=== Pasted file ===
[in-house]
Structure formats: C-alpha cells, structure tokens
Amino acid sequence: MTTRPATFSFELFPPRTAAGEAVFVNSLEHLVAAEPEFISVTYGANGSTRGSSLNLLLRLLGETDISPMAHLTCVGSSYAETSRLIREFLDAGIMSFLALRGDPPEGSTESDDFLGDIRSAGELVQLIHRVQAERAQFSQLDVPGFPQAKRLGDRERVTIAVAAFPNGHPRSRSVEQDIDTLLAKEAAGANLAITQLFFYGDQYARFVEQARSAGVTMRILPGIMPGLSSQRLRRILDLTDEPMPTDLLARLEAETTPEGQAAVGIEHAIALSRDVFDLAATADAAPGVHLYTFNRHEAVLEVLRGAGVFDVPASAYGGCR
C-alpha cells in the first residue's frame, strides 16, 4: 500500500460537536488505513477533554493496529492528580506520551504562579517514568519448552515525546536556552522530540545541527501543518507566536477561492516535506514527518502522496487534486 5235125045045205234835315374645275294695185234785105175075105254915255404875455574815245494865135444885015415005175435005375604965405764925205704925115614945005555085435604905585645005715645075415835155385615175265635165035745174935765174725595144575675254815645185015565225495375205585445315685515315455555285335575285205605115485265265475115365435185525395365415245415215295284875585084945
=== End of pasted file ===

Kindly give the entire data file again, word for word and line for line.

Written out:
[in-house]
Structure formats: C-alpha cells, structure tokens
Amino acid sequence: MTTRPATFSFELFPPRTAAGEAVFVNSLEHLVAAEPEFISVTYGANGSTRGSSLNLLLRLLGETDISPMAHLTCVGSSYAETSRLIREFLDAGIMSFLALRGDPPEGSTESDDFLGDIRSAGELVQLIHRVQAERAQFSQLDVPGFPQAKRLGDRERVTIAVAAFPNGHPRSRSVEQDIDTLLAKEAAGANLAITQLFFYGDQYARFVEQARSAGVTMRILPGIMPGLSSQRLRRILDLTDEPMPTDLLARLEAETTPEGQAAVGIEHAIALSRDVFDLAATADAAPGVHLYTFNRHEAVLEVLRGAGVFDVPASAYGGCR
C-alpha cells in the first residue's frame, strides 16, 4: 500500500460537536488505513477533554493496529492528580506520551504562579517514568519448552515525546536556552522530540545541527501543518507566536477561492516535506514527518502522496487534486 5235125045045205234835315374645275294695185234785105175075105254915255404875455574815245494865135444885015415005175435005375604965405764925205704925115614945005555085435604905585645005715645075415835155385615175265635165035745174935765174725595144575675254815645185015565225495375205585445315685515315455555285335575285205605115485265265475115365435185525395365415245415215295284875585084945